Women who attempt to cross the border and forcibly repatriated to the Democratic People’s Republic of Korea (DPRK) are subjected to torture, sexual abuse, ill treatment and other violations, according to a UN Human Rights report.
The report is based on a firsthand account of over 100 women who were interviewed by Office of the United Nations High Commissioner for Human Rights.
UN High Commissioner for Human Rights Michelle Bachelet said that it was heartbreaking to read the stories of women who fled their country looking to make ends meet, but who ended up being punished. “These women have a right to justice, truth and reparation,” she said.
The report said that the Democratic People’s Republic of Korea punished the women for having left their country without permission, detained in inhumane conditions and subjected to torture and ill-treatment. None of them benefit from essential protections such as the right to a fair trial and adequate access to food. Some are victims of different forms of sexual violence, including rape, forced nudity, invasive body searches and forced abortions. There have been cases of new born babies stripped from their mothers and killed, the report said.
The report said that the women on return are detained and sentenced to imprisonment, often without a trial, or after proceedings that do not meet international standards. Te women who return are often labelled as “traitors”.
The report quotes a woman who had escaped to China recounting her harrowing experience.
“I was beaten with a club by a preliminary investigation officer and was kicked by the officer. The treatment was particularly harsh at the Ministry of State Security. If one is found to have gone to a South Korean church while staying in China, they are dead. I therefore tried hard not to reveal my life in China. I was beaten up as a result. I was beaten to a level that my rib was broken. I still feel the pain,” she said.
Inhumane conditions, malnutrition and death
The report notes that women are imprisoned in inhumane and unsanitary conditions. These women had little or no access to daylight and fresh air, insufficient food and were denied access to facilities and items required for women’s specific hygiene needs. Some of the women also had irregularities with their menstrual cycles as they were malnourished,.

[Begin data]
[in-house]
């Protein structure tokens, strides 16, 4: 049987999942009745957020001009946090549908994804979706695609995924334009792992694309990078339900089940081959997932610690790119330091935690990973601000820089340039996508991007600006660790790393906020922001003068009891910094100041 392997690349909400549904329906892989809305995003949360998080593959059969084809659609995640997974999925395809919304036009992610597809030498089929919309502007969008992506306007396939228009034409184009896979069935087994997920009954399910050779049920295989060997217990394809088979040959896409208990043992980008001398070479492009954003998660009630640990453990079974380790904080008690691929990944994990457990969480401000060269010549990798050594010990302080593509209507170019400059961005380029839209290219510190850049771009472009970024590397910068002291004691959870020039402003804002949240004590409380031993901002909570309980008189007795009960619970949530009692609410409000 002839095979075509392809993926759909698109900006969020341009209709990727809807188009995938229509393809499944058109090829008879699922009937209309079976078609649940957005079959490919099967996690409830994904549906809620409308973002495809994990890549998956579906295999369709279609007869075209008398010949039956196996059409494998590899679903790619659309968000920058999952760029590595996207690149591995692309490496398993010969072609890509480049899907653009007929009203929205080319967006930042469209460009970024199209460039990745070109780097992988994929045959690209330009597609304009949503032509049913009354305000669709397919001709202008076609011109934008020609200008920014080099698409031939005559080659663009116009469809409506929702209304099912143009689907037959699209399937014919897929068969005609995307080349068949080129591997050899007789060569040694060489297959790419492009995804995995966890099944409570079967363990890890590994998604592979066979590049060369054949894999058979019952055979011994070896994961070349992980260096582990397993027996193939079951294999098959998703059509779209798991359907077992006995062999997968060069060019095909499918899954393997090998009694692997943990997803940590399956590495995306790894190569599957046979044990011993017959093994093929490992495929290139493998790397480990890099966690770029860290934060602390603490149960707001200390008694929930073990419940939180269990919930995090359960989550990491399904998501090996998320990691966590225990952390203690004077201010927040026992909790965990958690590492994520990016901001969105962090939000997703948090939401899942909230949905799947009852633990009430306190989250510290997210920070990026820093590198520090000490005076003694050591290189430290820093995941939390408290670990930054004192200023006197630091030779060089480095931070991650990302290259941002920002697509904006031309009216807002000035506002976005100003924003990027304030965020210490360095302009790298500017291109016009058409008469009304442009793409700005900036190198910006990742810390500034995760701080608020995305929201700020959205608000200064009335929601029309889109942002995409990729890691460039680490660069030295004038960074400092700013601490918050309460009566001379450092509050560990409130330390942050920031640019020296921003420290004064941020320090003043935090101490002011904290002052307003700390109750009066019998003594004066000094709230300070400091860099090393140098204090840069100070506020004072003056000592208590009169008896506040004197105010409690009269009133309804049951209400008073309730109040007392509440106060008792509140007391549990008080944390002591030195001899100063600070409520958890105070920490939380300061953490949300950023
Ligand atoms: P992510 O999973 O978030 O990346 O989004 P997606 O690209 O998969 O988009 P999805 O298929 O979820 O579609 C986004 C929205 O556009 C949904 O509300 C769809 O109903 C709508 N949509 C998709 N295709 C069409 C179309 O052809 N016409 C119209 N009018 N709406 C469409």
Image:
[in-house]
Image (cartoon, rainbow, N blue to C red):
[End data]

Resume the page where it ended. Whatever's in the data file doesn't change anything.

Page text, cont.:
“During my time in prison about five to six people died. Most of them died due to malnutrition,” one woman told UN Human Rights staff.
Detainees were regularly beaten or otherwise tortured, including for failing to complete the hard manual labour assigned to them.
Forced nudity, invasive searches
The report said that women were subjected to forced nudity and invasive body searches. The report also points out to sexual violence by guards, It also said that prison officials sought to cause pregnant detainees to abort, either by beating them or making them do hard labour.
Un Human Rights Chief Bachelet said that all these showed the systemic nature of human rights violations in the DPRK and the need to keep seeking pathways to proper accountability for such crimes.
The UN Human Rights has called for bringing the detention system into line with international norms and standards. It also said that the government should ensure that all citizens are guaranteed the fundamental right to enter and leave the DPRK, and that anyone returned or repatriated there is not subjected to imprisonment or other punishment.
They also asked other countries not to repatriate North Koreans if there are substantial grounds for believing they would face serious human rights violations.